The Spotlight Blog

Livin’ Large

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The recent outperformance of large caps relative to small caps continues to gather attention as larger companies   have beaten smaller ones by north of 12% over the last 12 months and nearly 4% annualized over the last 36 months. Our research shows that these pairs go through considerable periods of varying performance and today’s level of outperformance by large caps has occurred in the past.

Looking ahead, we continue to favor large caps over small caps thanks to large caps being less leveraged and are in a better position to service their debt even if they are trading at relatively high multiples compared to small caps.

What We’ve Seen

  • The over 12% outperformance is the highest in well over a decade and in the 93rd percentile during that period. Long- term data shows that there are instances when both the magnitude and duration of relative returns can favor large caps for some time. Looking back to 1979, the current 36-month spread between large caps and small caps is in the 80th percentile, which is certainly tilted to large caps, but far from the extremes one would believe to be the case when only looking at the past 10 years of data.
  • However, 36-month performance paints a different picture as the long-term performance spread is only in the 30th percentile. This may indicate that while the last year saw large caps rip considerably higher, it has not yet pushed a medium-term measure to extremes. In fact, rolling 36-month performance was much greater than it is today for a better part of the 1980s and 1990s.

TECHNOLOGY BEATING FINANCIALS HAS LIFTED GROWTH RELATIVE TO VALUE

Rolling 12-Month Current Rolling 36-Month Current
Since July 2009 12.37% Since July 2009 3.90%
Percentile Rank 93% Percentile Rank 80%
Since January 1979 12.37% Since January 1979 3.90%
Percentile Rank 75% Percentile Rank 30%

Source: Bloomberg Finance, L.P., FTSE Russell, as of July 30, 2019. Data displays the current spread and the percentile rank of relative returns of large caps defined as the Russell 1000 Index and small caps defined as the Russell 2000 Index. Past performance is not indicative of future results. One cannot invest directly in an index.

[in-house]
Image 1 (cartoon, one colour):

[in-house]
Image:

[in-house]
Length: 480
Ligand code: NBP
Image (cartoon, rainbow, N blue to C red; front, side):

Money in Motion

As has been the case of late, ETF investors are following performance when it comes to allocating their equity assets driving $8.79 billion to large caps and $1.49 billion to small caps in 2019.

  • Over the last 12 months, large caps took in $32.11 billion, while small caps saw $8.14 billion of inflows. Outside of a few isolated periods, investors have generally favored Large Cap ETFs this year, which differs from 2018 where there were more mixed flows, especially at the beginning and end of the year.
  • Rolling 3-month flows see relative flows in the 83rd percentile in favor of large caps, but has come off the 92nd percentile seen on July 23, which rivaled the levels witnessed in February 2019.

FLOWS ARE TILTED TOWARD LARGE CAPS


Source: Bloomberg Finance, L.P., as of July 30, 2019. Data represents the daily percentile rank over the last 36-months of the difference between the rolling 3-month net flows of U.S.-listed U.S. Large Cap ETFs and U.S. Small Cap ETFs specifically targeting exposure to U.S. Large Cap and U.S. Small Cap stocks, respectively.

What’s Next?

Perhaps more important than performance is the fact that the relative valuations between large caps and small caps does show that large caps are trading at higher than average relative valuations, but again, this does not make the case that the recent large cap outperformance has pushed multiples to unsustainable levels. Comparing standardized valuation data beginning in 1995, large caps are trading at extended valuations versus small caps, but are far from the levels reached in the late 1990s.

  • An argument for small caps is that they may offer outperformance in the event of a valuation-led market selloff since large caps have seen their multiples expand to a greater extent.
  • Even so, large caps have considerably better ability to service the increase in debt loads that they have accumulated, while small caps do not, furthering the case that the setup remains more favorable for companies higher up the cap spectrum.
  • We continue to keep an eye on earnings results, as roughly 50% of the Russell 1000 has reported, and roughly 34% of the Russell 2000 has reported. In terms of results relative to expectations, while bottom-line surprise has been comparable for large caps (~5.25%) and small caps (~6.67%), top-line results have not been encouraging for small caps. Led by the significant misses across the Financials sector among small caps, the group has missed sales expectations by over 7%. Meanwhile, large caps have largely been in-line to positive beats, relative to expectations.

LARGE CAPS MAY BE EXPENSIVE COMPARED TO SMALL CAPS, BUT THEY HAVE BEEN HIGHER IN THE PAST


Source: Bloomberg Finance, L.P., FTSE Russell, as of July 30, 2019. Data represents the standardized relative valuations using Price-to-Sales of large cap defined as the Russell 1000 Index and small cap defined as the Russell 2000 Index. One cannot invest directly in an index.

Implementation Ideas

 


Definitions

  • Russell 1000® Index: The Russell 1000 Index consists of the largest 1,000 companies in the Russell 3000 Index, which is made up of 3,000 of the largest U.S. companies.
  • Russell 2000® Index: The Russell 2000 Index is comprised of the smallest 2,000 companies in the Russell 3000 Index, representing approximately 8% of the Russell 3000 total market capitalization

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